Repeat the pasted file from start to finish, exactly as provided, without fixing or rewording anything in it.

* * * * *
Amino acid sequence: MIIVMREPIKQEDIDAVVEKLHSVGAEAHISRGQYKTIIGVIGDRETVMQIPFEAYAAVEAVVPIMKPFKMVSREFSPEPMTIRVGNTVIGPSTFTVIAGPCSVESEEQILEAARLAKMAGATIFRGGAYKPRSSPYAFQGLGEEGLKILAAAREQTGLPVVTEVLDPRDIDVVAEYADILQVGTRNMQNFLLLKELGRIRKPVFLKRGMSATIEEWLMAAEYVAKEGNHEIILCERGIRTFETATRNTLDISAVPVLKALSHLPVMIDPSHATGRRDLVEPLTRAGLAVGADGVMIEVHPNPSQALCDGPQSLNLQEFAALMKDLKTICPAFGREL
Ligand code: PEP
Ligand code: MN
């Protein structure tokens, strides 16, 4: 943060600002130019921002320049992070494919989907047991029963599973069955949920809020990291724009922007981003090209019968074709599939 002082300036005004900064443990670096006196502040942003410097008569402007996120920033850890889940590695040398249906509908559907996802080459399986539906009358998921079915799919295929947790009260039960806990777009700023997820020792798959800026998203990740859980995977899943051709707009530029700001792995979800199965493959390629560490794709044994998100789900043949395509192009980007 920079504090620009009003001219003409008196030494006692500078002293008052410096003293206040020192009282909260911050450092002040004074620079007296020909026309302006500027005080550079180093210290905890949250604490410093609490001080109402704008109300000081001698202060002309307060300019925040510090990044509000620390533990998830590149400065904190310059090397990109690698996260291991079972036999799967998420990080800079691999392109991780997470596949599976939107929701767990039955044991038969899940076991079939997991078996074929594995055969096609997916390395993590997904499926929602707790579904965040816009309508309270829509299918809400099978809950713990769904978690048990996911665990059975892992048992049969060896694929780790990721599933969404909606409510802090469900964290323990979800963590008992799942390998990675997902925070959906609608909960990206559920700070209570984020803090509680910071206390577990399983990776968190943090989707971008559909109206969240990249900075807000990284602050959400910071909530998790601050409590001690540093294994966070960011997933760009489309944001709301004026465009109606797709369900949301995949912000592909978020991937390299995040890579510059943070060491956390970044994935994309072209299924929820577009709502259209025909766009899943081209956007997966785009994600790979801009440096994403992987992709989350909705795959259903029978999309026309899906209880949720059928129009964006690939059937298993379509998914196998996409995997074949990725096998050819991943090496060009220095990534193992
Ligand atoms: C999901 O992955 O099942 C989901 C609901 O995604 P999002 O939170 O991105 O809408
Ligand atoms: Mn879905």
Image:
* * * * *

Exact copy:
Amino acid sequence: MIIVMREPIKQEDIDAVVEKLHSVGAEAHISRGQYKTIIGVIGDRETVMQIPFEAYAAVEAVVPIMKPFKMVSREFSPEPMTIRVGNTVIGPSTFTVIAGPCSVESEEQILEAARLAKMAGATIFRGGAYKPRSSPYAFQGLGEEGLKILAAAREQTGLPVVTEVLDPRDIDVVAEYADILQVGTRNMQNFLLLKELGRIRKPVFLKRGMSATIEEWLMAAEYVAKEGNHEIILCERGIRTFETATRNTLDISAVPVLKALSHLPVMIDPSHATGRRDLVEPLTRAGLAVGADGVMIEVHPNPSQALCDGPQSLNLQEFAALMKDLKTICPAFGREL
Ligand code: PEP
Ligand code: MN
């Protein structure tokens, strides 16, 4: 943060600002130019921002320049992070494919989907047991029963599973069955949920809020990291724009922007981003090209019968074709599939 002082300036005004900064443990670096006196502040942003410097008569402007996120920033850890889940590695040398249906509908559907996802080459399986539906009358998921079915799919295929947790009260039960806990777009700023997820020792798959800026998203990740859980995977899943051709707009530029700001792995979800199965493959390629560490794709044994998100789900043949395509192009980007 920079504090620009009003001219003409008196030494006692500078002293008052410096003293206040020192009282909260911050450092002040004074620079007296020909026309302006500027005080550079180093210290905890949250604490410093609490001080109402704008109300000081001698202060002309307060300019925040510090990044509000620390533990998830590149400065904190310059090397990109690698996260291991079972036999799967998420990080800079691999392109991780997470596949599976939107929701767990039955044991038969899940076991079939997991078996074929594995055969096609997916390395993590997904499926929602707790579904965040816009309508309270829509299918809400099978809950713990769904978690048990996911665990059975892992048992049969060896694929780790990721599933969404909606409510802090469900964290323990979800963590008992799942390998990675997902925070959906609608909960990206559920700070209570984020803090509680910071206390577990399983990776968190943090989707971008559909109206969240990249900075807000990284602050959400910071909530998790601050409590001690540093294994966070960011997933760009489309944001709301004026465009109606797709369900949301995949912000592909978020991937390299995040890579510059943070060491956390970044994935994309072209299924929820577009709502259209025909766009899943081209956007997966785009994600790979801009440096994403992987992709989350909705795959259903029978999309026309899906209880949720059928129009964006690939059937298993379509998914196998996409995997074949990725096998050819991943090496060009220095990534193992
Ligand atoms: C999901 O992955 O099942 C989901 C609901 O995604 P999002 O939170 O991105 O809408
Ligand atoms: Mn879905």
Image: